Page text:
A sharing economy, collaborative commons, is slowly, slowly growing. It may not even be slow, as it is the fastest growing sector of the economy. It is just that it does not show as economic activity as it does not show up as contributing to GDP.
People are reacting to austerity, mindless, soul destroying jobs, wish to see a fairer society, do not wish to see growth for the sake of growth, are returning to a sharing mentality practised by hunter-gathers.
If a hunter returns with a kill, he could say all mine, and refuse to share, but what he has will not keep. He shares the spoils of the hunt. Next time, someone who is lucky, will share with him.
A couple of examples from the latest edition of Transition Free Press:
Transition Community Cafe, a community run restaurant, that takes in food that would otherwise go to landfill, and turns into delicious meals.
The Restart Project run events where people are helped to repair their faulty electrical goods, giving them a new lease of life, and in the process helping people gain new skills.
If we look around we can find many examples of community activity:
TechStart, run by volunteers, takes in old computers, recycles and puts on sale at very low prices. Old computers that would otherwise go to landfill or incineration.
Guildford Institute Library, a rare surviving example of a Victorian private library, is run by volunteers.
A little boy, with a love of books, set up his own private library in the front of his house. Only local jobsworths decided to close him down.
But, volunteering, sharing, collaborative commons, is no excuse for exploitation.
The Philistines at Lincolnshire County Council decided to close two-thirds of the county libraries, fire 170 librarians, and what little was left, to be run by volunteers.
Apart from the disgraceful of act of closing libraries, which are in themselves a community resource, funded by the community for the benefit of the community, this was not collaborative commons, where communities launch their own initiatives as part of the collaborative commons, this was exploitation, exploitation without representation.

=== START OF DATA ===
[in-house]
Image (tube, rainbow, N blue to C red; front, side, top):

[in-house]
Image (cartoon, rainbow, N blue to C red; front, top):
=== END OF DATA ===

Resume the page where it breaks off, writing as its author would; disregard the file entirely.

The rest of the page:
Do we see the councillors who took this decision working for nothing? Er, no. To add insult to injury, they recently voted themselves an increase in their already over-generous allowances.
Alford was one of the libraries to be run by volunteers. The volunteers have walked out.
The Deepings was another library facing closure. Liz Waterland Chairwoman, The Friends of Deeping Library (commenting on a Lincolnshire Echo article) highlights the difference between volunteering and exploitation:
May I correct an impression that readers may have gained, following your news item about Nick Worth’s opinions on library closures. The word ‘volunteers’ is only correct in so far as we are unpaid and are preparing to run a Community Library should we have to. We haven’t volunteered to run a library; we are being forced to do so because Lincolnshire County Council have threatened us with the closure of our popular and well used facility if we don’t. We will do our very best to step in if we have to but we would much rather that our library stayed open as the professionally run, properly staffed and funded community asset that it is at present. Neither alternative, of closure or community take over, is of our choice; we are being forced into this position because we are not willing to see the end of our library in The Deepings. The Friends of Deeping Library have been told we must ‘do it or die’ — the choice between them is NOT voluntary!
A further comment on The Deepings by Ashley Baxter which highlights the phoney nature of ‘consultation’ on mass library closures:
After six months of a phoney consultation we began looking seriously at the costs of running the existing Deepings library building. LCC is offering community groups £5,167 annually to run a library, regardless of size. After years of neglect and underuse of the upper floors, Deepings energy bills alone come to £3,800 leaving £100 a month to pay for everything else. Further enquiries uncovered that LCC had been secretly planning a feasibility study into selling the existing library and building a new-build extension to another community building that LCC don’t even own (yet). The Parish and Town Councils are now participating with the Expression of Interest process because it is the only way to keep the dialogue going and the library doors open.
Writer Philip Pullman looked at where volunteer librarians would be drawn from in Oxfordshire, comparing a wealthy middle class area with a run-down area of people on benefits.
There is a world of difference between a community voluntarily getting together to carry out an activity of mutual benefit to the local community, to a rearguard action by a community to defend its assets against action by a repressive central authority.
We have seen a number of websites recently set up, that promote the image they are part of the collaborative commons. They are not, they are promoting serfdom.